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Video transcript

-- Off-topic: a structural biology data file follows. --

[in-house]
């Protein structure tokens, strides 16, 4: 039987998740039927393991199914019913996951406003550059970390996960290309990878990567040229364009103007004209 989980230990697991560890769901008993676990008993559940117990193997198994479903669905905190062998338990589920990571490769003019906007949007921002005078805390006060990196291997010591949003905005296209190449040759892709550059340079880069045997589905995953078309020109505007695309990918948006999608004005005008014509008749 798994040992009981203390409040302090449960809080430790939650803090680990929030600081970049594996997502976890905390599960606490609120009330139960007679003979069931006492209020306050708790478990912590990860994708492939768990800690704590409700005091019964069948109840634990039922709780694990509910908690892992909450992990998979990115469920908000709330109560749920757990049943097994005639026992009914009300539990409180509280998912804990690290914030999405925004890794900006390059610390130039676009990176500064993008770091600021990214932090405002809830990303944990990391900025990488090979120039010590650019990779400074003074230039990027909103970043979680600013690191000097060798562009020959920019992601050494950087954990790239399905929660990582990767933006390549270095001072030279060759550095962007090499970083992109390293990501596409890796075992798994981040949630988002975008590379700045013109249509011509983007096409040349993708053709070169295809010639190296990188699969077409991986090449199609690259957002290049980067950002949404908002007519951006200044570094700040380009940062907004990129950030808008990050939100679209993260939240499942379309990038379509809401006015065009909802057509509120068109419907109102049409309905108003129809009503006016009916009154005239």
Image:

one of the most prominent buildings in the sanctuary at dulce the Panhellenic sanctuary was the city and treasury this is a small building meant to house treasure that was dedicated to the god Apollo whose sanctuary this was notice if nians came from a small island in the south aegean and they could afford to do this because they had both silver and gold mines and at least according to one ancient chronicler they devoted a tenth of the money that they made from these mines to Delfi now the reason they did this is because religion in ancient Greece was transactional that is if you gave sacrifice to the gods they would favor you in return sacrificing gifts exactly and the symphony in Treasury was supposedly the most beautiful most elaborate most highly decorated of the different Treasuries from the different Greek city-states at the Panhellenic sanctuary at Delfy when you walk up the sacred way the pathway that leads up into the sanctuary and you come to the symphony and treasury you first see its back or east side and the sculpture from the pediment and from that side of the frieze and there was a kind of band or ribbon of carving that went around all four sides has been preserved well it continuous frieze around the Treasury makes sense since this was a building in the ionic style so let's take a look at what that sculpture depicts in the pediment you have something that's very appropriate for this location it is the hero Heracles who's trying to steal the tripod from the god Apollo now the tripod was associated with the Oracle at Delphi the Oracle sat on the tripod and made pronouncements channeling Apollo you can see why that would upset Apollo and why Zeus has had to step in Zeus would be the figure that has lost his head in the middle who seems to be trying to negotiate between the two you can see Heracles he's got the tripod on his back and he's heading away as though he's going to be successful in this theft but the tripod is be at the other end by both Apollo and Zeus and we see Artemis the goddess who seems to be restraining Apollo who had quite a temper these figures look like archaic style figures to me here we are at the end of the sixth century that's when the SIF nians built this Treasury they have a little bit of that stiffness that we associate with archaic figures we see them from the profile view or frontal view and not a lot of twisting and turning in space which we'll see more of actually in the frieze below but we do get a sense of energy from for instance Heracles is more widely spaced legs as if he is trying to really pull away so let's look at the east side of the frieze that is the area just below the pediment it's divided into two parts on the right side we see a scene from the Iliad the great Trojan War we see two great soldiers one on the trojan side one on the Greek side so Achilles is on the right he's the Greek and memnon is on the left he's the Trojan Achilles is holding a shield which has a Gorgon head on it fighting with memnon and they're fighting over the dead body of Antilochus but while these men feel that their fate is being decided by their battle in fact what the sculptor showing us is that their fate is being decided far away on Mount Olympus by the gods so on the left side we see the gods and goddesses who are siding with the Trojans and on the right the gods and goddesses on Mount Olympus who are siding with the Greeks the figure that seated in the center is probably Zeus who's actually making the final determination and we get the sense that the gods and goddesses on either side are arguing for him to listen there have been different identifications of the figures here so we have to be careful but it does seem as though on the far left we have Ares the God of War and we may have a OS and she's the mother of memnon then we may have Artemis or Aphrodite and then the figure of Apollo now Apollo is turning back and really listening to what the women are saying we see these beautiful elegant figures there is a real nobility and a kind of stasis to these figures as opposed to the figures that are actually in battle the women seem to be leading with Apollo and the women raise their hands they open their palms and they seem to look directly at Apollo who turns around to listen to them now remember all of this would have been paid did and therefore much more visible the three gods and goddesses that remain that would have been arguing on the side of the Greeks are Athena on the left in the center Zeus is wife Hera and then possibly fetus who would be pleading for her son the kilise while there's a sense of emotion you're still primarily a sense of stability here of figures in profile but when we move to the battle that they're deciding we see foreshortening we see a real illusion into space look at these horses who are turned toward us moving almost into our space we see that sense of space even more explicitly rendered as we walk up the hill towards the front of the Treasury and we look at the north side of the frieze here we see a common scene in Greek sculpture this is a battle of the gods and the Giants so according to Greek mythology everything starts with the most primary deities and that would be the goddess earth Gaia and Uranus and the god of the sky and they give birth to the Titans they give birth to the Giants the Giants in turn give birth to the gods and so the gods are in a sense for the third generation and they rule from Mount Olympus but according to myth the Giants want to be able to rule for Mount Olympus they want what the gods have so this is the great battle that takes place between them the Giants are really standings for humans having a great you Burris and really wanted to take from the mighty gods of Mount Olympus upas meaning a kind of pride a sense that you can accomplish more than you can really accomplish as a human being in fact so much of the sculpture at the symphony in Treasury is re-establishing the power of the gods and the full hardiness of trying to upset that natural order so let's take a look at the action on the very far left side of the north freeze we have the god Hephaestus now this is the god that is associated with craftsmanship he's a blacksmith that's right so he's associated with a fortune we see him actually pushing down the bellows manufacturing a lightning bolt which Zeus can use against the Giants or a weapon of some sort in any case and we see the Giants advancing from the right luckily Hestia and Demeter are there to meet them without a doubt the most famous part of this frieze is the chariot of Dionysus which is pulled by two lions those lions are attacking one of the Giants biting and clawing the torso and the other line is rearing up and it looks like it's about to bear down in fact that further lion wood which is almost completely gone but you can just make out its Mane is also wrapping its fore paw around that Giants neck that giant has had it now that giant who's being devoured wraps his arm around the lion as if to pull it away from him the artist has done something really quite exceptional for the archaic period he has turned the head and a kind of three-quarter pose it's helmeted but that mouthpiece is it means of expressing the pain that this figure is feeling even though if you look very closely the mouth is still closed in the traditional noble expression look at how Dionysus strides forward and he looks so powerful and just in front of him is the local goddess Themis and she actually rides on the chariot what we have here is a sense of the chaos of battle as our eye moves to the right to follow this story we see two archers those are apollo and artemis but just to the right of them we see a fleeing giant who looks absolutely terrified he looks back behind him but runs forward with his sword look at his drapery flowing back behind him we get a sense of real movement he's so terrified he's abandoning his colleague to those lions and below him is a fallen giant so the Giant is so interesting because he's in back of Apollo and Artemis but there's an expression of distance between them because of the distinction in the depth of relief in other words Apollo and Artemis are carved fairly deeply while he is at a slightly smaller scale and carved in a more shallow way so that we know he's part of the scene in back of them so we have a real sense of deep space here in the battlefield look at the way that the artist links that fleeing giant through his shield which is concave with the convex shields of the three giants they're confronting Apollo and Artemis and we have a sense of the imminent danger that he's in because one of his colleagues has fallen below the other being gods are almost always overmatched and yet they triumph the other thing that happens is that the Olympian gods are represented very individualistically very heroically fighting together but also a sense of them fighting individually with their own strength and power whereas the Giants are fighting as an anonymous group the next section of the North frieze is missing but we know it would have been there it would have been the chariot of Zeus in the middle with horses which we can still see and he would probably have been throwing a thunderbolt and those horses are rearing up and you can almost hear them galloping and they're followed by two more Giants with their shields throwing spears and so Zeus a single god is taking on at least two Giants and below we see Aphrodite who's aiming a spear so intensely at a falling giant on the ground we can just barely make out his body his knee has bent under his weight his arm is holding him up it's as if he's in the process of dying next comes Athena oh ways a hero we can identify her quickly because of the aegis that she wears which is fringed by snakes we can see the inside of her shield and we can actually there see a little bit of the very bright paint that would have covered this entire frieze and she's clearly advancing on the enemy in front of Athena we have another giant that's falling this time backwards and then there's another dead giant just behind him in back of him is yet another giant still standing ready to throw a spear we know he won't be successful against Athena that's apparent and at the head of all of the gods we have Ares the God of War he strides forward his shield in his left hand actively in pursuit of the Giants and it's quite a collection of Giants that he's after we can see the one just beside him is actually ready to hurl an enormous rock while another has his spear ready to throw and finally we can recognize Hermes under a conical helmet and he's taking on what looks like a small army of giants it looks like he's about to pull a dagger from a sheath in back of him there are just a few traces of what would probably be Poseidon but that part is mostly lost so what we see here is this really interesting moment of transition from the more static and symbolic representations that we so much associate with the archaic period and this increasing interest in the complexity of human interaction and storytelling absolutely as we move towards the classical